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Hog farmers want fair-competition law

by 5m Editor
24 September 2007, at 11:15am

WASHINGTON D.C. - There was a time when meatpackers would bid against each other to buy hogs from farmers like Chris Peterson. That bidding increased the price Peterson could get.

The farm bill soon to be taken up in the U.S. Senate is likely to include provisions increasing the government's ability to restrict the rights of meatpackers and to better enforce fair-competition laws.

That time is long gone. Most hogs - and chickens for that matter - are raised under some kind of contract or owned outright by the packers.

Could the clock be rolled back? Probably not, but some on Congress will try to weaken packers' market power. The farm bill that the Senate Agriculture Committee will soon take up is likely to include the provisions increasing the government's ability to enforce fair-competition laws and restricting packers' legal rights.

There's also a good chance that the Senate will add a provision banning packers from owning livestock.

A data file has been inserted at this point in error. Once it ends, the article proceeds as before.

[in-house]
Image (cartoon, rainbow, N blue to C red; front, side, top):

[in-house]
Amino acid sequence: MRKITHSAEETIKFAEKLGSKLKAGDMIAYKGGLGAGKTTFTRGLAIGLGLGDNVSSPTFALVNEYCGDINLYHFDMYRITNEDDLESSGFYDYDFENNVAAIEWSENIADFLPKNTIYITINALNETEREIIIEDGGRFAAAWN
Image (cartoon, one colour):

"It's never too late to address these issues and put the opportunities back out there for farmers to be independent producers," said Peterson, who raises hogs near Clear Lake.

The chairman of the Senate committee, Tom Harkin, D-Ia., plans to include a section in his proposed bill dedicated to livestock marketing.

One of the most controversial of his provisions would install an office of special counsel at the U.S. Department of Agriculture to investigate and prosecute violations of marketing restrictions. Critics say the USDA does little to investigate complaints; litigation is left up to the Justice Department.

The legislation also would allow farmers to go to court rather than submit to binding arbitration when they have disputes with packers over contracts. Other provisions are designed to make it easier for farmers to prevail in cases, including ensuring that a producer's lawsuit would be heard in his home state's courts, not the packer's.

Harkin said the farm bill must provide "basic protections to producers in the marketplace."

Source: DesMoinesRegister.com

5m Editor